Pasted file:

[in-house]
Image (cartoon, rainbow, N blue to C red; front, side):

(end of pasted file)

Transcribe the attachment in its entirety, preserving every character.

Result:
[in-house]
Image (cartoon, rainbow, N blue to C red; front, side):